Finding Treatment Synergy: Combination Therapies in Development for CLL

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Topics include: Treatments

Where is research on chronic lymphocytic leukemia (CLL) combination therapies today? A panel of CLL experts including Dr. Nicole Lamanna, from Columbia University Medical Center, and Dr. Jeff Sharman, from The US Oncology Network, share compelling clinical trials results on combination therapies for CLL presented at the 2018 American Society of Hematology (ASH) annual meeting. The panel discusses the impact of biologic doublets on CLL patients long-term and who it’s currently recommended for. How are patients tolerating and responding to new treatment combinations? Tune in to find out more.

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Transcript

Please remember the opinions expressed on Patient Power are not necessarily the views of our sponsors, contributors, partners or Patient Power. Our discussions are not a substitute for seeking medical advice or care from your own doctor. That’s how you’ll get care that’s most appropriate for you.

Andrew Schorr:

Here's my next thing I want to discuss. Combinations. We've had these combinations F and C, and then FCR or BR. Now we have this I maybe with R, but also this man received Venclexta or venetoclax, right, in a trial called the MURANO trial. And that's enabled him to stop therapy right now. That's what we had with FCR-BR. You have it, and then you're done. Hopefully, a long remission, I had 17 years, yay, very long remission. So, what about that I mean because these pills are expensive? Where are we headed with that?

Dr. Lamanna:           

This is very exciting data. And since you're part of it, thank you for participating in a clinical trial, because we can't thank patients enough for doing that, because that's how you move the field forward and answer many of these questions. Clearly, this was an update, so it wasn't that the study is new. The MURANO data was presented before, but, clearly, this was an update looking at three-year data. And so this was a relapsed trial, so patients who had already been treated for their CLL.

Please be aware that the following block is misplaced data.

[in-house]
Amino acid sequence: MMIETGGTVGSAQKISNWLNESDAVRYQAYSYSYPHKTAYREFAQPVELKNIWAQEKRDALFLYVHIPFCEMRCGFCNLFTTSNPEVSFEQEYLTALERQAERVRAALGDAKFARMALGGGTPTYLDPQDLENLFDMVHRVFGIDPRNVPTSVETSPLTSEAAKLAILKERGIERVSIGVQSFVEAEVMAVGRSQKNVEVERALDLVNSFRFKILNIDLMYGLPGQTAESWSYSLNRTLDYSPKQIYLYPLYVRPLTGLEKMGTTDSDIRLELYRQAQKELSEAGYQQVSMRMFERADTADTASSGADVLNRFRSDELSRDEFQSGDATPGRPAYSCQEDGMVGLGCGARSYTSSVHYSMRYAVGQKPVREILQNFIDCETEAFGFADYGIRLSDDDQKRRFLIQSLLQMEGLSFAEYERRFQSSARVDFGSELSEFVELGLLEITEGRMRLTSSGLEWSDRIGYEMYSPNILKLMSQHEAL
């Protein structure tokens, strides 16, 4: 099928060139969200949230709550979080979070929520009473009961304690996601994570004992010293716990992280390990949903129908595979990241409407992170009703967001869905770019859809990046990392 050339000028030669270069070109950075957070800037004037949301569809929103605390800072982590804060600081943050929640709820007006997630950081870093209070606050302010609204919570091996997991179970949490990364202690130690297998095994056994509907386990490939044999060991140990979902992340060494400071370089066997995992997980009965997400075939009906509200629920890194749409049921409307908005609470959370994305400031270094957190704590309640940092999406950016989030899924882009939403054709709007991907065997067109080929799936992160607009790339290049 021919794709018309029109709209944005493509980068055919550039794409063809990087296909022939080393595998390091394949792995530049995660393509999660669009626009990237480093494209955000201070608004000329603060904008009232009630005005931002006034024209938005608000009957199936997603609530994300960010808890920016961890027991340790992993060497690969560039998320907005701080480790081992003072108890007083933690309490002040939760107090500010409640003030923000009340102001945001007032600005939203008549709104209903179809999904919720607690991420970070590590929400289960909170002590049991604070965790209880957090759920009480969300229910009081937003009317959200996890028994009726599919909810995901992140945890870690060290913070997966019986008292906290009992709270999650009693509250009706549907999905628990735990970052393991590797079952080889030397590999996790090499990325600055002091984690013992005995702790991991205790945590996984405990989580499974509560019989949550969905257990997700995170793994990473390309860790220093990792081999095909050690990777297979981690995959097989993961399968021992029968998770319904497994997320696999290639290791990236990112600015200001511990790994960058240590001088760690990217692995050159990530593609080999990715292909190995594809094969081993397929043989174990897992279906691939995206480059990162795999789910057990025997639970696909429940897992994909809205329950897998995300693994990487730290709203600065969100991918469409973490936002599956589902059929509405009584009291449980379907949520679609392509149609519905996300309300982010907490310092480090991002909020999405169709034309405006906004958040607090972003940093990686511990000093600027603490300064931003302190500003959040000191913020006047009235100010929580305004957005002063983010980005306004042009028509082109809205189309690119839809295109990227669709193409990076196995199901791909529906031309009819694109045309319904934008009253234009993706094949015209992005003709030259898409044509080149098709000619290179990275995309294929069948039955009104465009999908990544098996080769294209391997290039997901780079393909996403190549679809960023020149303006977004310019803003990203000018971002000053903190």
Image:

Andrew Schorr:       

We had FCR, six heaters, and then had Rituxan and then venetoclax.

Dr. Lamanna:           

Correct. This was looking at patients who were randomized to receive either venetoclax and rituximab versus bendamustine and rituximab. And the data was overwhelmingly favorable for the venetoclax and rituximab both in responses and progression-free survival. Then there was this sense of can patients get deep levels of response and be in not just regular routine response criteria when we think about patients in remission but also to deeper level where we detect very few residual leukemia cells? And what does that mean? How to interpret that data and then stay, as you know, you received for only 24 months the venetoclax was stopped.

So, instead of indefinitely staying on an oral therapy like ibrutinib (Imbruvica) for a prolonged period of time until you either have a side effect or you progress but having a finite period of time on an oral therapy, stopping the treatment, and then being monitored. And then having the ability if the disease comes back again, the protocol was amended to allow patients to reinitiate therapy. This is really exciting data, and, obviously, when we talk about doublets and triplets and different combinations whether or not we can utilize data like this and have patients not have to from a cost perspective or even a toxicity perspective be on indefinite oral therapy. Can we give patients a break similar to—and, again, this is different—to chemoimmunotherapy when you add FCR?

You had six months of treatment. You were done, right? You were monitored until the disease progressed again until you re-needed therapy again. Can we do that in the light of the oral therapies but maybe even get to a depth of remission that's even finer, because now technology has gotten incredibly more sensitive. Can we get better and really look at that data and inform proper decision-making about depending upon the patients disease characteristics, do we need X amount of therapy, or should we have this go on for 18 months, 24 months, 12 months and then allow people to have a drug-free period. and then can they reintroduce the same drug later on if they progress and be sensitive again to the same agents?